Why is the Census important?
It is the law. The U.S. Constitution (Article 1, Section 2) mandates that every resident within the 50 states, Puerto Rico, and the Island Areas of the United States are counted.
The U.S. Census Bureau conducts a count of each and every resident across the nation every 10 years and has been doing so since 1790. The census count is used to determine the distribution of federal funding, federal representation, and is used to devise a community outlook for potential new businesses, workers, and residents.
Census data is used to distribute more than $675 billion across tribal, state, and local governments. This federal funding is money that goes towards our public schools, health care, our emergency services, and several other vital components of our community. Programs that could be impacted include school lunches, public health programs for women and children, public housing, transportation, infrastructure, SNAP, WIC, Head Start, Medicare, Medicaid, and more.
The census also determines the representation that Michigan has on the federal level. It determines Michigan’s apportion of seats for the U.S. House of Representatives, electoral college votes, and the redistricting of state legislative and school assignment areas.
Berrien County is at Risk
Berrien County is at risk of losing $440 million in federal funding over the next ten years due to a potential undercount of approximately 30,000 “hard-to-count” residents.
Each year, Michigan receives roughly $29 Billion in public funding. If in 2020 there is an undercount in Michigan, we may not get our full share of these resources.
“Hard-to-count" individuals are often low-income groups, immigrants, people of color, young children, homeless individuals, students, and individuals without internet access.
All of these individuals are vital to the support of Berrien County as each resident is attached to approximately $1,500 in federal funds.
Everyone living at an address matters. Every person, every child, and every adult should be counted on the census. Foster children, immigrants, green card holders, migrants, and anyone boarding at your place of residence whether they pay rent of are temporarily sleeping on your sofa, these individuals must be counted.
How does the Census impact my business?
The success of the 2020 U.S. Census will have important implications for businesses in Michigan. The decennial population count contributes to critical data (publicly accessible through the Census Business Builder) that business owners use to identify where to open a new store and what products and services to offer. It helps allocate funding for various federal business loan programs and provides a foundation for many of the resources offered through the Small Business Administration. The census is also used to effectively allocate public funding for investments that grow the economy, including schools, roads, and workforce development, among many others.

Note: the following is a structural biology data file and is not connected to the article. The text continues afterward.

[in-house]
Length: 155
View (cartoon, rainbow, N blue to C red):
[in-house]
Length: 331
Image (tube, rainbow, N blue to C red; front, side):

Business owners and operators can help achieve an accurate 2020 Census by encouraging their employees and customers to complete their census questionnaires early. Businesses can start promoting the census in March 2020 (when households receive their census materials by mail) using the resources below and can continue to encourage people’s participation through May. Census workers, however, will begin visiting homes in May for those who do not respond on their own.
What can I expect from the 2020 census?
Residents will receive letters in March directing them to go online for the census, enter a code number for the household, and answer a brief nine question survey, that will include questions such as your name, age, birthday, etc. It does not ask for sensitive information like social security numbers, immigration status or bank account information.
It is expected to take approximately 10 minutes to complete, and can be completed online, by mail, or by phone.
The official count day is April 1, 2020. It is asked that the survey be completed by April 30 to help streamline communication. After April 30, census staff may visit your household to ensure you are counted.
The 2020 census is completely confidential. Federal law prohibits anyone at the Census Bureau from sharing personal census information, with violations resulting in stiff penalties and jail time. Individual-level census information cannot and will not be shared with any agency - including the IRS, sheriff, courts, ICE, DHHS, your landlord, etc. The penalty for unlawful release of information is punishable by a $250,000 fine and/or five years in prison.
How can I help?
Talk about the census with your friends, neighbors, and your colleagues. Mark your calendar and be sure to look for your own census letter to arrive in March.
Check out this Business of the Census toolkit for more information and ways to help promote the census within your business! Visit www.census.gov for more information.